Why Quit Sugar? Powerful Reasons to Help You Quit Sugar for Good

Why Quit Sugar: Powerful Reasons to Help You Quit Sugar for Good | Reining in Mom

Why Quit Sugar: Powerful Reasons to Help You Quit Sugar for Good | Reining in Mom

I am a really good quitter. Over the last ten years, I’ve quit alcohol and cigarettes (after a period of very poor decisions). I quit all meat for a time and even went vegan for about a week. Now I rarely eat red meat, potato chips, have coffee after noon, watch TV, or get lost on Facebook. But I just can’t seem to quit sugar.

In fact, just clicking on two blog articles by the super accessible & fabulous happiness guru Gabby Bernstein titled 5 Tips to Quit Sugar the Spirit Junkie Way and What It’s Like to be 1 Year Off Sugar sent me running for the Lindt Lindor Truffles.  Not the arguably healthy dark chocolate ones, but the pure refined sugar bombs that are the white chocolate truffles. Mmmm.

The problem is that I didn’t have a good answer to the question “why quit sugar”? I mean, I knew it was “bad” but was it worse than, say butter? Or not flossing? So I went down a researching rabbit hole to find out. Turns out that yes, it’s probably worse than butter. Here are my findings so that you can make your own decision on whether you should quit sugar, as well as some tips on how to to do that.

Sugar is Highly Addictive

Just the mention of sugar triggers neurological pathways itching for a dopamine hit that I can’t help scratching.  And it is helpful to know that my sugar addiction is just that, an addiction. In fact, it may be as addictive as heroin.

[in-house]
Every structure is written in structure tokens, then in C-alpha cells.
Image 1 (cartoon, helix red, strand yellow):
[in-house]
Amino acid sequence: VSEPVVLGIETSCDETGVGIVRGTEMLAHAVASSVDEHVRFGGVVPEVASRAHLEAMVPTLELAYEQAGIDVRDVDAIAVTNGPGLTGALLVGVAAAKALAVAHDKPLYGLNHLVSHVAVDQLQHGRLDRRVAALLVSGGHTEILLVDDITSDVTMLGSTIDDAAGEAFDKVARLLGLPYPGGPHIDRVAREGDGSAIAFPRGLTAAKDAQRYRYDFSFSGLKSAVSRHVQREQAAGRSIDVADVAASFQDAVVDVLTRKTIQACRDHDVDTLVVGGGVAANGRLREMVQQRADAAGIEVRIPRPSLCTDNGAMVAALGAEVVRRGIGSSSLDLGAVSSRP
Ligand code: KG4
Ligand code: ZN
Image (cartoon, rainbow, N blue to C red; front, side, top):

My brain created a physical need by deciding sugar is the fastest way to feel better when stressed, bored, annoyed, or overwhelmed. I am also contextually triggered, by breakfast (sugar in my coffee and syrup on my pancakes) the end of a meal, or a special occassion (cake!). But just like any addiction, I can convince my brain that there are faster, better, and healthier ways to feel good. I just have to figure out how to train my brain. And then I actually have to train it.

Sugar Is Making Us Fat

I recently went on a TED talk and YouTube bender to find out more about how sugar affects my body to help me want to quit. Dr. Robert Lustig of UCSF rocked the house in 2009 with his brutal takedown of how fructose makes you feel hungrier. Your liver basically completely converts fructose into fat, with little to no benefit to you nutritionally.

Lustig’s YouTube video is an hour and a half long, so if you want a shorter summary, I recommend Underground Wellness’s very informative breakdown of it. 60 Minutes also did a great expo on sugar in 2012, featuring Lustig, that suggested sugar could even be feeding certain cancerous growths.

We Are Eating Way More Sugar Than We Realize

I don’t eat that much sugar, really! I mean, there’s that generous squirt of agave in my morning coffee(s), and the honey in my yogurt, or the syrup on my waffle, or the occasional banana bread or scone… But lunch, I’m good at lunchtime! I just add a splash, or maybe a big glug, of lemonade to my sparkling water. I only have one or two or maybe pieces of chocolate after lunch. And sometimes I’m hungry later so I have some of that trail mix from Trader Joe’s which, I mean, it’s TJ’s so it’s got to be healthy right?  I think it’s even organic!